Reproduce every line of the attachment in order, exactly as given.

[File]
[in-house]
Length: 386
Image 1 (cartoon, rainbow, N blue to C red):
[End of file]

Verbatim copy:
[in-house]
Length: 386
Image 1 (cartoon, rainbow, N blue to C red):